Thomas Nieman, Staff Writer
Election Day is next month and it will mark the first time many Utica College students are eligible to cast their ballot in a presidential election. However, in order to do that they must be registered to vote.
The New York State voter registration deadline is Friday, Oct. 9. Students who would like to register to vote or have questions on the registering and voting process should contact the Office of Student Living and College Engagement (SLCE) in Strebel Student Center.
The SLCE office, with the help of the Student Government Association (SGA), “intends to get every eligible voter registered” through paper registration forms and will then mail them in for students, said Bethany VanBenschoten, assistant director of Leadership Development.
“We can help you with registering using UC’s address so you can cast your vote at the polling site right near campus and we intend to offer polling shuttles on Election Day, as long as COVID restrictions at that time still allow us to do so, as well as some virtual viewing parties,” VanBenschoten said.
Many UC students consider this election to be one of the most pivotal ones in American history and are enthusiastic about voting for the first time. Exercising the right to vote is essential to a healthy democracy, said Luke Perry, professor of Government and Politics. However, voter turnout in the United States is usually low compared to other Western democracies.
“This is partly because of individuals not caring or feeling informed enough to vote and partly because of our system, where individuals are responsible for registering themselves to vote, not the government, as is common elsewhere,” Perry said.
Young adults vote in the smallest numbers compared to all other age groups and elected officials will continue to pay less attention to their interests and needs and more attention to the interests and needs of older people, he explained.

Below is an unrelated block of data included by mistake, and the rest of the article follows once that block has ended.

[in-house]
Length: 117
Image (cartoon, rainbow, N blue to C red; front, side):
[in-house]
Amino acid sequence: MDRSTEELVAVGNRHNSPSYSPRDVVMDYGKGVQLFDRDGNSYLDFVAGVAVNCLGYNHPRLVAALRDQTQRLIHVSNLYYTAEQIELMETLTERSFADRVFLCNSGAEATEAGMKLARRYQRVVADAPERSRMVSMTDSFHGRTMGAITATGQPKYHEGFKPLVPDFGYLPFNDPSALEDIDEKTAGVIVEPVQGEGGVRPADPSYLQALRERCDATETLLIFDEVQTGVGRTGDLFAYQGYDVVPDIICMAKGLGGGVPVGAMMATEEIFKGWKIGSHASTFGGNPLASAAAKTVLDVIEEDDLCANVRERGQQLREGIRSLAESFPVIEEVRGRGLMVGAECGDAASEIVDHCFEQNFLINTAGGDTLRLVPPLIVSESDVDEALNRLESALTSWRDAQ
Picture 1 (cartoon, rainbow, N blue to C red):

“For instance, the government is much more active protecting and expanding policies and programs that benefit the elderly, such as Social Security and Medicare, than those that benefit college students and recent graduates, like increased tuition aid and providing student loan relief,” Perry said.
With many issues at stake in the November presidential election, several students on campus have expressed their intent to vote.
“I think this election is the pivot of American history,” said Isabella Gilbert, a junior. “I think that not only does voting help your society and your community, but it also shows that you’re attracted to the democratic process of voting. Being female, it took until the 1920’s and even later for us to get the right to vote, so I’m honoring my ancestors by voting.”
With the voter registration deadline quickly approaching and the presidential election almost one month away, junior Stephen Clark said everyone should exercise their right to vote at the federal, state and local levels.
“It’s very important that people start voting as soon as they’re able,” he said. “The decisions that are made now will impact us forever so it’s definitely up to us to pave the kind of future we want and being able to vote is one of the easiest ways that we’re able to do so.”
For information about voter registration, contact the SLCE office located in 205 Strebel Student Center or call (315) 792-3285.